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Tapping AFM



Tapping AFM also known as Intermittent Contact Mode is one of several different dynamic imaging modes used in atomic force microscopy (AFM). AFM is a type of scanning probe microscopy. These microscopes do not use light, as in conventional microscopes, but rather scan a sharp probe over a surface to image extremely small surface structures. With an AFM it is possible to image a surface at 0.1 nm resolution, (1.0 × 10−10 m) and generate a 3D map of the sample surface.

Additional recommended knowledge

The AFM probe sensor is known as a cantilever, generally a thin rectangular lever some hundreds of micrometers long and a few micrometers wide. This is generally referred to as a diving board cantilever because of its similar shape, but there are several different shapes and sizes available. One end of the cantilever is affixed to an inflexible base, usually called a "chip", attached to the AFM tip holder. The opposite side of the cantilever is completely free. On this free side a very fine-pointed tip is mounted perpendicular to the longitudinal axis of the cantilever. Generally the operating distance of the AFM tip is approached in two subsequent stages. In the first (coarse) stage the AFM tip is moved rapidly to the sample using precise stepping motors. After this movement a second (fine) approach is made by moving the sample with a piezoelectric actuator up toward the tip. At this stage, due to the extremely short distance between the tip and the sample surface, one can easily detect the effects of the repulsive/attractive atomic forces that give the name to this device.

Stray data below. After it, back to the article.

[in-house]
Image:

In tapping mode the cantilever is driven to oscillate up and down at near its resonance frequency by a small piezoelectric element mounted in the AFM tip holder. The amplitude of this oscillation is greater than 10 nm, typically 100 to 200 nm. Due to the interaction of forces acting on the cantilever when the tip comes close to the surface, Van der Waals force or dipole-dipole interaction, electrostatic forces, etc cause the amplitude of this oscillation to decrease as the tip gets closer to the sample. An electronic servo uses the piezoelectric actuator to control the height of the cantilever above the sample. The servo adjusts the height to maintain a set cantilever oscillation amplitude as the cantilever is scanned over the sample. A Tapping AFM image is therefore produced by imaging the force of the oscillating contacts of the tip with the sample surface. This is an improvement on conventional contact AFM, in which the cantilever just drags across the surface at constant force and can result in surface damage.

References

US Patent Number 5,412,980

SPM - Scanning Probe Microscopy

 
This article is licensed under the GNU Free Documentation License. It uses material from the Wikipedia article "Tapping_AFM". A list of authors is available in Wikipedia.
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